Woodworking by Jack Handy

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I wonder sometimes if the reason old woodworking texts seem frustratingly incomplete to us is because there weren’t many words out there that could help one learn the craft.

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Put another way: Why do most old woodworking texts begin with an exhaustive explanation of geometry and then refuse to tell us how to set up a smoothing plane?

— Christopher Schwarz

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Publisher of woodworking books and videos specializing in hand tool techniques.
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33 Responses to Woodworking by Jack Handy

  1. blefty says:

    Maybe because of the great rift between traditional academic education and vocational education. We have an inferiority complex.

  2. fitz says:

    Because geometry is a hell of a lot harder than setting up a smoothing plane. But maybe that’s just my dyscalculia talking.

  3. blefty says:

    Not sure it is harder to do geometry, just different.

  4. pereqa says:

    I believe it is one of those things that comes with how society looks and works at any given time. Nowadays any 5 year old can download and set up apps on an iphone and whatnot. 150 years ago, any person that needed to, could set up a (wooden) smoothing plane or ride 5o miles on horseback nonstop. Nothing to it, it just depends..

  5. bsrlee says:

    Perhaps the author expected their audience to be fully trained in the setup and maintenance of their tools before they needed the extra knowledge of geometrical construction? Like how car manuals don’t teach you how open the door lock, change a tyre or even how to drive – its all assumed common knowledge.

    Its not even particularly modern, its been going on for millennia – Classical Greek and Roman ‘manuals’ don’t tell you how to set up or maintain the tools needed to make a column or a temple pediment, they just tell you how to set it out – your workmen are assumed to be already trained.

  6. Roger Hylr says:

    Geometry is harder than setting up a smoothing plane.

  7. Roger Hylr says:

    … and you know when you set up a smoothing plane incorrectly.

  8. woodworkerme says:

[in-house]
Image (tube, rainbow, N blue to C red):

on of the book I teach out of is “Bench Work in Wood by W.F.M GOSS” 1887 and it covers this and other thing well I love this book. a little hard to read at times but a Great book

  9. jonathanszczepanski says:

    I wonder if it has to do with the academic approach versus the craftperson approach.

    An academic deals in theories, formulas, and exacting numbers. Things like angles, chords, and tangents could be analyzed and hypothesized. A craftsperson would be concerned with the practical approach to get the job done. A craftsperson would be more concerned with something “looking” or “feeling” right, and they would use things like proportions and dividers to figure them out, and not algebraic formulas.

    The average craftsperson long ago wouldn’t use texts much, if they could read at all I would guess. The authors of old texts just might be writing in the vocabulary that they and their academic readers used, and not what the hands-on craftsperson used.

    It’s the difference between measuring a shaving with calipers or old groats. One works in a text book for academics, one works for someone making something.

    I dunno. Just a thought.

  10. Ryan McNabb says:

    A child asked me, ” What is the rain?”
    I replied, “Perhaps it is God’s tears.”
    “Why is God sad”
    “Probably because of something you did.”

  11. Jerry Palmer says:

    And some things which should have been forgotten were lost. History became legend, legend became myth….. until it past out of all knowledge …..(paraphrased)

  12. The face of a Woodworker can say so much. Especially the mouth part of the face.

  13. This is a rhetorical question, isn’t it?

    • beshriver says:

      no such thing with Chris…he’s like a dog with a bone…i would bet cash money he’s researching an answer… and he’ll keep researching until he finds the answer he likes.